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    Walter Sullivan, 91; known as master of Cambridge politics

    Walter J. Sullivan (right) was sworn in as Cambridge mayor by his brother, Edward J. Sullivan, a former mayor, in 1986.
    Globe Staff file photo
    Walter J. Sullivan (right) was sworn in as Cambridge mayor by his brother, Edward J. Sullivan, a former mayor, in 1986.

    Former Cambridge mayor Walter J. Sullivan helped unite two high schools to create Cambridge Rindge and Latin School and supported the redevelopment of Kendall Square into a 21st-century hub of innovation. But constituents from his four decades in elected office may best remember him for remembering them.

    “He and Tip O’Neill represented the tail end of the generation of politicians for whom all politics was local and personal relationships were everything,” said Marty Linsky, a former state representative and longtime faculty member at Harvard’s Kennedy School of Government, who was a Boston Globe writer in the 1970s.

    Mr. Sullivan, a state representative from 1951 to 1953, Cambridge city councilor from 1960 to 1993, and three-time mayor who helped build a local political dynasty, died Monday while in hospice care in Hingham for congestive heart failure. He was 91.

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    Mr. Sullivan died surrounded by his wife, five children, and other family members, said his son Michael A. Sullivan, clerk of Middlesex County Superior Court and a former Cambridge mayor and city councilor. A devoted lifelong Catholic, Mr. Sullivan prayed the rosary in the moments before his death, his son said.

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    Mr. Sullivan was considered one of the last of the old-time Irish Catholic pols who dominated Boston-area politics in the first half of the 20th century.

    “This was a master of local politics. I question whether anybody ever knew Cambridge as well as Walter Sullivan,” said Lawrence S. DiCara, 65, who was a Boston city councilor from 1972 to 1981 and has long been a close observer of local politics.

    Mr. Sullivan was born on March 2, 1923, the fifth of 12 children who grew up in a four-room apartment on Surrey Street, just outside Harvard Square.

    Mr. Sullivan served three years in the Army Air Corps during World War II and first ran for office in 1950, serving two years as a state representative. In 1960, he took over the city council seat his brother Edward inherited a decade earlier from their father, Michael “Mickey the Dude” Sullivan, first sworn in 24 years earlier.

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    As a councilor, Mr. Sullivan was three times elected mayor by his fellow councilors, serving from 1968 to 1969, 1974 to 1975, and 1986 to 1987.

    As Mr. Sullivan prepared to retire in 1993, his son Michael was elected to the council seat that Sullivan family members had held since 1936 and that Michael held until 2007. He said his father taught him that he had a responsibility to make a difference. His father led by example, he said, returning every phone call he received and offering his assistance irrespective of politics.

    “I think the big thing is always be available to help people, whether they’re with you or not,” he said. “The other part is to listen, and that you don’t need to be the talking head all the time. . . . People want to be heard.”

    The younger Sullivan said his father had a magnetism that appealed to voters, which he often witnessed as he was growing up. “My brother and I went to everything with him, so in any picture of him in a parade or at an event, my brother and I are always with him,” he said. “He was just a lot of fun, and always there was something to do.”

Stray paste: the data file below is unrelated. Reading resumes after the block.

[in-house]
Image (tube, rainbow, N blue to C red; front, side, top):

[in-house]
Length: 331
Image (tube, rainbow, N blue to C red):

A Globe Magazine profile from 1986, when Mr. Sullivan was in his last term as mayor at age 63, described him as short and bulky but surprisingly graceful, usually clad in a dark-blue fedora and a handsomely tailored three-piece suit selected by his wife at Filene’s Basement.

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    His schedule at the time usually began with a 5:30 a.m. breakfast and ended with the 11 p.m. news broadcast, and each hour between was packed with appointments, meetings, exercise, or social engagements, the Globe reported.

    Asked why he continued to push himself so hard, why he chose this life when he could have been successful in business or finance, Mr. Sullivan told the reporter, “I just love doing politics. I do it from the heart.”

    Michael A. Sullivan said his father was somehow able to maintain his hectic schedule, while still making family a priority. “He didn’t have any hobbies,” he said. “This was his life. . . . This is just what he did, and he made it work.”

    Robert W. Healy, 70, who worked with Mr. Sullivan for two decades as Cambridge’s deputy city manager and then city manager, praised him as a man who had “never-ending compassion for the average citizen, especially those who may have been in need.”

    Healy said that though they sometimes butted heads over procedural matters, Mr. Sullivan never held a grudge.

    “He could be a challenge, but that’s the role of elected officials and appointed administrators,” Healy said. “We always got along. We may argue a point vociferously with each other in the office but come out smiling.”

    In addition to his son Michael, Mr. Sullivan leaves his wife of 68 years, Marion A. (Colarusso) Sullivan; three daughters, Marion Murphy of Belmont, Mary Carven of Hanover, and Maureen Santoro of Hingham; another son, Walter Jr. of Hingham; two sisters, Kate Lynch of Arlington and Jean Savery of Weymouth; as well as 14 grandchildren and 14 great-grandchildren.

    A funeral Mass will be said at 10 a.m. Saturday in St. Paul’s Church in Cambridge, followed by interment at Cambridge Cemetery.

    Jeremy C. Fox can be reached at jeremy.fox@globe.com. Follow him on Twitter @jeremycfox.